Traditions & Culture
On the day when babies are exactly one month old, some Chinese Indonesians in the past mark this day with a special prayer ceremony to the guardian angel of the baby known as Pocia or Poca. A table is set in front of the bed where the baby sleeps with offerings of tea, fruits, cakes and rice shaped into a cone known as nasi tumpeng. This ceremony is also known as Sembahyang Ranjang.
Among the Hokkiens, it is customary to send to their friends and relatives gifts of red eggs (these are hard-boiled eggs with their shells painted red) and kue ku, a Chinese cake shaped like a tortoise with a sweet mung bean filling. These gifts symbolise blessings of good luck and longevity for the baby.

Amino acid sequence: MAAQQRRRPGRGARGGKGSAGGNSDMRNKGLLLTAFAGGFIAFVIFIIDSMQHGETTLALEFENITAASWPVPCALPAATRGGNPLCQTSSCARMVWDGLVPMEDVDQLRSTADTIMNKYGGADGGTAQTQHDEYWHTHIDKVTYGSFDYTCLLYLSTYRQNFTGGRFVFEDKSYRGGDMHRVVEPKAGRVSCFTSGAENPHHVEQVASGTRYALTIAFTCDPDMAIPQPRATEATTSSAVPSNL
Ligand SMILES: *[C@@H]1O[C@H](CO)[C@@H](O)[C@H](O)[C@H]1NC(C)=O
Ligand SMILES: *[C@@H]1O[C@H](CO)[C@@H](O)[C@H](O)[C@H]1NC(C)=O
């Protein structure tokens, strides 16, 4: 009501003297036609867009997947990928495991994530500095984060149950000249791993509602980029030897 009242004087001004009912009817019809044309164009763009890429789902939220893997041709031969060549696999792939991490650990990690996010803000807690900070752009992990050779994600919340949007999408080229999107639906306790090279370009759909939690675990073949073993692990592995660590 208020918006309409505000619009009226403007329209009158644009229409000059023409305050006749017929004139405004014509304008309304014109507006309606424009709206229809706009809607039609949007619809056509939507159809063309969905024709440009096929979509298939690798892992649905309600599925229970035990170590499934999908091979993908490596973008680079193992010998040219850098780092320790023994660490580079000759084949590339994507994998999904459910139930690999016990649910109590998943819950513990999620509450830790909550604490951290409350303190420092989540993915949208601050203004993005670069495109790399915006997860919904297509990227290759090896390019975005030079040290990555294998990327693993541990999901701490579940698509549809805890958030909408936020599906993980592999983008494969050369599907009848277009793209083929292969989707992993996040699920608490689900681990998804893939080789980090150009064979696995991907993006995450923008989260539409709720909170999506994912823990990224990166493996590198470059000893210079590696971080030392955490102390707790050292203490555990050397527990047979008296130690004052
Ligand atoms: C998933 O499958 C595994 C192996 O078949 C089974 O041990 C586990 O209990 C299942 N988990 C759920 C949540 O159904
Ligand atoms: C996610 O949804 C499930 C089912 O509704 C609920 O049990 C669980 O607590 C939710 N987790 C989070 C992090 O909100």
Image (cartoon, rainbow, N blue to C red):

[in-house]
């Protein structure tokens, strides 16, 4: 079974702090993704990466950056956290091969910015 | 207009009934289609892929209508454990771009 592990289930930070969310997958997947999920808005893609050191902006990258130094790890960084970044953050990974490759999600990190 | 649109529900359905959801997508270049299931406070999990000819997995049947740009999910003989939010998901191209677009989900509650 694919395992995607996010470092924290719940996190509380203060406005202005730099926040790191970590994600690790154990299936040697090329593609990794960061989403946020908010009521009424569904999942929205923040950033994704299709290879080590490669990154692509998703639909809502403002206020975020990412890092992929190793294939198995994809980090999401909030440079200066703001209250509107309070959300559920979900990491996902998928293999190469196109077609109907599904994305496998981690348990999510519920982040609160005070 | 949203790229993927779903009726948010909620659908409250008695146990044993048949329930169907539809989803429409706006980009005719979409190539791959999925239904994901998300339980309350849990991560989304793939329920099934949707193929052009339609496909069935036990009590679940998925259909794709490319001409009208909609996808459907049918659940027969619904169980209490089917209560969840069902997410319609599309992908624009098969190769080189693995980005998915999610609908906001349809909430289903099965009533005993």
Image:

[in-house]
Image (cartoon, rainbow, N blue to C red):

Some families like to throw a banquet to celebrate this event especially when the first-born is male; but most often, it is just an intimate family party to mark this special day. The hair of the baby is cut for the first time and the baby is dressed in new clothes.
This is also the day when the mother is reintroduced to the world, marking the end of her postnatal confinement, a period where the mother is put on a special diet and is freed from household and wifely duties. For some mothers, the confinement lasts longer – from 40 to 44 days following local customs
Christopher Ng, October 2014
- Tan, G.L. (1963) The Chinese of Sukabumi: a study of social and cultural accommodation, New York: Monograph Series.
- Vaughan, J.D. (1992) : The Manners and Customs of the Chinese, Singapore: Oxford University Press